Crabbing opens, so open a crab

Boats are being cleaned, motors tested, and crab pots pulled out of storage - the crab season is in full gear now.

Many areas here have become fair game for the highly sought-after crustaceans.

In fact, the home port of the Dungeness crab is the tiny village of Dungeness. A thriving seaport in the 1870s, Dungeness lost out to shifting harbors and the railroad that ran through Sequim.

But crabbing is still a favorite pastime for fishermen here, and we all enjoy eating the sweet, succulent crab meat.

And should you find you have an overabundance of it, freeze crab in milk - from an Alaskan crabber.

Toasted crab sandwiches always have been popular and these make a delicious, quick and easy summer meal for two:


6 ounces cooked crab meat

2 English muffins, split, toasted and buttered

1-3 tablespoons mayonnaise

fresh lemon juice to taste

salt and pepper to taste

4 slices Swiss cheese

Toss crab with mayonnaise and lemon juice; salt and pepper to taste. Spread over muffin halves. Top with cheese; broil until cheese is bubbly. - from Alaska Shrimp & Crab Recipes by Cecilia Nibeck


11/2 pounds flaked crab meat

2 cups cooked white rice

1/2 pound small cooked shrimp

11/2 cups mayonnaise

1/2 chopped green bell pepper

2 packages frozen peas, thawed, not cooked

1/3 cup fresh parsley, chopped

Toss together above ingredients and place in greased casserole; bake in preheated 350-degree oven 1 hour. Serves 4-6.

- from my cookbook "From My Kitchen Window"


2 tablespoons olive oil

1 red bell pepper, finely chopped

3 scallions, sliced

2 tablespoons mayonnaise

1 tablespoon fresh lemon juice

2 eggs

1 teaspoon Dijon mustard

2 cups bread crumbs

1 can (8 ounces) crab meat

1/2 cup bread crumbs

Heat 1/2 tablespoon olive oil in skillet; add red pepper and cook for 4 minutes. Add scallions and cook 2 minutes more; remove from heat.

Whisk together mayonnaise, lemon juice, eggs and mustard in bowl. Stir in red pepper mixture, and the 2 cups bread crumbs and crab.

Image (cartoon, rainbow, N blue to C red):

Shape mixture into eight 4-inch patties. Coat both sides with bread crumbs.

Add remaining oil to skillet and cook crab cakes over medium-low heat 5 minutes or until they are crispy-brown. Flip cakes over and cook 5 minutes more. Serves 4. - from my files


1/2 cup chopped celery

2 tablespoons butter

1/4 cup chopped scallions

2 tablespoons chopped parsley

1 tablespoon lemon juice

1/4 teaspoon each salt, pepper and dill weed

1 cup flaked crab meat

6 fish fillets

Sauté celery in butter; add scallions, parsley, lemon juice, salt, pepper, dill weed, and crab meat. Sprinkle fish fillets on both sides with salt and pepper. Place spoonful of stuffing on each fillet and spread evenly. Starting at narrow end, roll up fillets and fasten with picks. Place in greased baking dish and cover with foil. Bake in preheated 350-degree oven 30 minutes. Serves 8.

- from my cookbook "From My Kitchen Window"


18 ounces crab meat, flaked

3 tablespoons lemon juice

freshly ground black pepper

2 tablespoons olive oil

Sprinkle lemon juice on crab meat; pepper to taste. Dribble on olive oil; toss lightly. Serve with crackers.

- from Alaska Shrimp & Crab Recipes by Cecilia Nibeck


1 can crab meat, flaked and drained

1 can cream of asparagus or celery soup

1 can cream of mushroom soup

2 cups milk

1 cup cream

1/3 cup sherry

Blend soups in large pot. Gradually stir in milk and cream. Heat to just boiling. Add crab and heat; add sherry. Serve, topped with butter and chopped parsley to six.

- from Alaska Shrimp & Crab Recipes by Cecilia Nibeck

For the finest and freshest flavor, Dungeness crabs should be kept alive until just before they are cooked and eaten. The flavor advantages are quite pronounced when the crab is used in a dish that requires further cooking, for it is almost impossible to avoid overcooking when you reheat crab already cooked at the market.

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